How to say Goodbye in Japanese

Posted on 27. May, 2013 by in Grammar

Last post was about how to say hello in japanese. As there are many ways to say hello, there are also many ways to say good-bye.

The most well-known word for good-bye is probably さようなら (sayounara). I am sure you’ve heard さようなら before, but actually it means like good-bye forever or for a very long time. Therefore avoid さようなら if you are planning on seeing the person again. If you know that you will see a person soon again, you should use じゃあね (jyaa-ne) or また明日(mata ashita). But keep in mind that じゃあね or また明日 are informal ways of greetings.

Some informal greetings which are often used are:

また明日 (mata ashita) – see you tomorrow

またあとでね (mata atode ne) – casual, see you later

じゃあ(jyaa)、それじゃ(sorejya) – bye, see ya

ではまた (dewa mata) – see you later

じゃあね (jyaa-ne) – bye , see ya

またね(mata ne) – see you soon

げんきでね(genki de ne) – be well

失礼します (shitsurei shimasu) – very formal, this greeting is often used to a superior or when you leave someone’s presence

お先に (osaki ni) – formal, “I’m  leaving first” (when you e.g. leave the office first)

お先に失礼いたします (osaki ni shitsurei itashimasu) – highly formal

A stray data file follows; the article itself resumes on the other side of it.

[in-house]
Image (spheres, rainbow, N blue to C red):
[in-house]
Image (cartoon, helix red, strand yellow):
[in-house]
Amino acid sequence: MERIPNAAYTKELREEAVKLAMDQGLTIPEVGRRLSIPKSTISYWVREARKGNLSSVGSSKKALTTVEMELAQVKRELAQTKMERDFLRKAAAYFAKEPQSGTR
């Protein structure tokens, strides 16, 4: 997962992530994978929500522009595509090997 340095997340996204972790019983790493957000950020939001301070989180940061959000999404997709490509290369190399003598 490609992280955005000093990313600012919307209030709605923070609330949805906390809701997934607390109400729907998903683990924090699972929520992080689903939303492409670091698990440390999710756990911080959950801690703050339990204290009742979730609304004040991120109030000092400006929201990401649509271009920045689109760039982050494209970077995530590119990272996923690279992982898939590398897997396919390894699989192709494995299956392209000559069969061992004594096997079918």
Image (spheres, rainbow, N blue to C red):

お疲れ様でした (otsukare sama deshita) – formal, is often used to express the appreciation for hard work and is most often used in work places

行ってきます (ittekimasu) – I’m off (to be used when you leave the house, to those who are staying)

行ってらっしゃい (itterasshai) – Take care (to be used when you stay in the house, to those who are leaving)

Take a look at the videos below to learn the pronunciation.

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YouTube Preview Image

I hope this post was useful to improve your vocabulary. じゃあね !!

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About yuki

Although I was born and raised in Austria my parents luckily taught me japanese starting at a very early age. Since most of my relatives live in Japan I try to fly to Japan once in a year. I love reading and cooking and I also enjoy traveling.

2 Responses to “How to say Goodbye in Japanese”

  1. yuki 28 May 2013 at 6:02 am #

    Sorry guys, of course it is さようなら(sayounara). Sometimes my japanese keyboard does not exactly do what I want :).

  2. Nachsieben 31 May 2013 at 1:19 pm #

    Sorry, but may I ask also when it is used “あばよ/abayo” or “さらば/saraba”?


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